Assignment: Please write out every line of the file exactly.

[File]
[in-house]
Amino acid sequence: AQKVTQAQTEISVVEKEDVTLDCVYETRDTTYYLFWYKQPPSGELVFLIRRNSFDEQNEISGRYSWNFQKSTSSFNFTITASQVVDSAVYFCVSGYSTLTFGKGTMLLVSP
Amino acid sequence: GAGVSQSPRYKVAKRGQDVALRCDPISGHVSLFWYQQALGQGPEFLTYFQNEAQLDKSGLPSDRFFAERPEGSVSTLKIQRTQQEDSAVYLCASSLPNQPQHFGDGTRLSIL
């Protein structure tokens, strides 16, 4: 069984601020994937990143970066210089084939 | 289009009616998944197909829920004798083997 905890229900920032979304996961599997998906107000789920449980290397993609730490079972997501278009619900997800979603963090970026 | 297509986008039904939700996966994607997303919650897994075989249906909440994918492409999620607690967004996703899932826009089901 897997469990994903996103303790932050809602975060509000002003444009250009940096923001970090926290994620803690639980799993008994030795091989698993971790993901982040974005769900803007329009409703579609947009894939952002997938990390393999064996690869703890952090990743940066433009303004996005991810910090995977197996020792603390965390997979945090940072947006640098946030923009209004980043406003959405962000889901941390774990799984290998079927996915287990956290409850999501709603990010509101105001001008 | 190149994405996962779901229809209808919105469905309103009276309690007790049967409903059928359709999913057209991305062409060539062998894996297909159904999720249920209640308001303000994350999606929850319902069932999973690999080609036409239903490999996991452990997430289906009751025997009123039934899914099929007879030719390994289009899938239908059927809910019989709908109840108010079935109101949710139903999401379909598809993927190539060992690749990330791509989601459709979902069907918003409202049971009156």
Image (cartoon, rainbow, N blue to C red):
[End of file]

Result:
[in-house]
Amino acid sequence: AQKVTQAQTEISVVEKEDVTLDCVYETRDTTYYLFWYKQPPSGELVFLIRRNSFDEQNEISGRYSWNFQKSTSSFNFTITASQVVDSAVYFCVSGYSTLTFGKGTMLLVSP
Amino acid sequence: GAGVSQSPRYKVAKRGQDVALRCDPISGHVSLFWYQQALGQGPEFLTYFQNEAQLDKSGLPSDRFFAERPEGSVSTLKIQRTQQEDSAVYLCASSLPNQPQHFGDGTRLSIL
């Protein structure tokens, strides 16, 4: 069984601020994937990143970066210089084939 | 289009009616998944197909829920004798083997 905890229900920032979304996961599997998906107000789920449980290397993609730490079972997501278009619900997800979603963090970026 | 297509986008039904939700996966994607997303919650897994075989249906909440994918492409999620607690967004996703899932826009089901 897997469990994903996103303790932050809602975060509000002003444009250009940096923001970090926290994620803690639980799993008994030795091989698993971790993901982040974005769900803007329009409703579609947009894939952002997938990390393999064996690869703890952090990743940066433009303004996005991810910090995977197996020792603390965390997979945090940072947006640098946030923009209004980043406003959405962000889901941390774990799984290998079927996915287990956290409850999501709603990010509101105001001008 | 190149994405996962779901229809209808919105469905309103009276309690007790049967409903059928359709999913057209991305062409060539062998894996297909159904999720249920209640308001303000994350999606929850319902069932999973690999080609036409239903490999996991452990997430289906009751025997009123039934899914099929007879030719390994289009899938239908059927809910019989709908109840108010079935109101949710139903999401379909598809993927190539060992690749990330791509989601459709979902069907918003409202049971009156």
Image (cartoon, rainbow, N blue to C red):